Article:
Nature loss is climate’s twinned existential crisis – without addressing one, we won’t solve the other. With over 1 million species soon facing extinction, the stakes are completely intertwined with the climate catastrophe.

So I salute and thank Adam McKay and Netflix for their trenchant, humorous and sharply pointed satire on the hurdles we face to convince the world’s governments, businesses and people to act now if we are to secure a future for nature, for all life, on earth.

Please consider joining and supporting our flock at BirdLife in 117 countries around the globe where we are tackling all fronts of the twin crises of climate and nature.

Header image: Netflix, find out more here.

“As the leader of the world’s largest and oldest nature conservation partnership, which is the global authority on the science and conservation status of birds, I can tell you our scientists, policy teams and conservationists, and myself as well, have shared Leonardo di Caprio’s character’s challenges in getting the powers that be to act when presented with scientific facts.”

Patricia Zurita, BirdLife CEO


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Colombia, Paraguay, Brasil y Argentina potenciarán la protección y restauración de sus pastizales naturales gracias al aporte financiero de BirdLife Américas.

Download an English version

Los Pastizales naturales del América del Sur son un bioma imponente compuesto principalmente por un manto ondulado de vegetación herbácea.  Conocidos también como llanuras, llanos o pampas, los pastizales proveen servicios ecosistémicos esenciales para la vida como: la purificación y recarga de fuentes de agua, provisionamiento de fibras, alimentos y combustibles, almacenamiento de carbono, y regulación del clima. Además, son el hogar de una exuberante variedad de vida silvestre y cuentan con una gran riqueza cultural, espiritual y recreativa.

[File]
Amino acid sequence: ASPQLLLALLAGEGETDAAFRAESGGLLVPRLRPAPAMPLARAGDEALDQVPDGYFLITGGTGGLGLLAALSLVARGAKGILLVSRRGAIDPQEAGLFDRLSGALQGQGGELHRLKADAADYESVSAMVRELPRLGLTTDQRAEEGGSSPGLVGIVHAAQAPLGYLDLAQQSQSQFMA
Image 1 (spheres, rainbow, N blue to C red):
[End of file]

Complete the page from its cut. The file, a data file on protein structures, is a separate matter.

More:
Más de 600 aves autóctonas y miles de aves migratorias dependen de este frágil y amenazado ecosistema. Desafortunadamente, la intensificación y expansión de prácticas humanas mal-manejadas como: la agricultura, la ganadería, el desarrollo urbano y el uso indiscriminado del fuego han mermado drásticamente su extensión y salud.

Para afrontar esta problemática, en 2006 BirdLife lideró la conformación de la Alianza del Pastizal con el apoyo de sus socios: Aves Argentinas, SAVE Brasil, Guyra Paraguay y Aves Uruguay. Desde entonces, más de 560 mil hectáreas de pastizales del Cono Sur se encuentran manejadas con prácticas de pastoreo responsables que combinan su conservación con la producción sostenible. A la par, en Colombia, la Asociación Calidris en asociación con otras 12 organizaciones conforman la Alianza Sabana, quienes se enfocan en la implementación de soluciones innovadoras de conservación para los Llanos colombianos.

A pesar de los grandes logros alcanzados hasta el momento, todavía existen varios desafíos por afrontar. Precisamente, para potenciar las acciones de conservación y restauración de este ecosistema, BirdLife Américas lanzó a inicios de noviembre de 2021 un Programa de Pequeñas Donaciones para la Conservación de Pastizales Naturales. Se trata de fondos semilla para incentivar proyectos de conservación y/o investigación que contribuyan durante un año a la conservación de los pastizales naturales en la región y las aves terrestres, playeras y acuáticas asociadas a éstos.

Alectrurus risora – Joaquín Ghiorzo, Aves Argentinas

El Programa de Pequeñas Donaciones para la Conservación de Pastizales Naturales es una iniciativa de BirdLife Américas que otorga fondos semilla para incentivar proyectos de conservación y/o investigación en la región que contribuyan a la preservación de estos ecosistemas y sus aves.

Conoce a los seis proyectos ganadores